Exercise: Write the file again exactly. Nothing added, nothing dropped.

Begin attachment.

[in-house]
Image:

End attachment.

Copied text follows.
[in-house]
Image: